Who would’ve thought that there is solid scientific proof that a thank you can have positive mental health benefits? Well, as proud ambassadors of Thank You Week, we can confirm that science has proved that the power of gratitude can provide a massive boost to our wellbeing.
A study done by psychology professors Michael McCullough and Robert Emmons on the role that gratitude plays in physical and emotional well-being tests this theory.
They took three groups of volunteers and randomly assigned them to concentrate on one of these three aspects: the obstacles they faced, the things they were grateful for, and everyday life events.
What they concluded from the results was that the group who focused their energy on all the events, people and things they were grateful for were the most happiest, whilst the others suffered lives in unfavourable terms. The gratitude group reportedly had less/fewer negative physical symptoms i.e. colds or headaches, and they were more active. Quite simply, the group who amplified their mental and emotional inclinations of gratitude had a higher quality of life, which their close family, peers and colleagues noticed as well. Emmons was surprised by this result.
“This is not just something that makes people happy, like a positive-thinking/optimism kind of thing. A feeling of gratitude really gets people to do something, to become more pro-social, more compassionate.”
After countless laboratory case studies like Emmon's and McCullough's, there is a consensus that the positive benefits that can be easily gained by a simple change of attitude. People who apply a genuine thank you and allow themselves to feel gratitude regularly have these common traits:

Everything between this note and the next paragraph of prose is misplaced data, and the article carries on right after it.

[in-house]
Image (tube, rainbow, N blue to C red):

Felt better about their lives
Less anti-social and anxiety issues
Exercised more frequently
Increased healthy sleep pattern
Had fewer illnesses
Higher tolerance and resilience, especially during a negative situation
If a thank you and a sense of gratitude can have such an impact on ourselves and a positive ripple effect on those around us, we can be our own masters and create an all-round healthier outlook on life. Even by dissecting the word “thank you” back to its origin, in English, derives from “think”; which was thought to mean “I will remember what you did for me!”
So if you are out there trying to find ways to improve your life, why not start with gratitude and see where that takes you this National Thank You Week.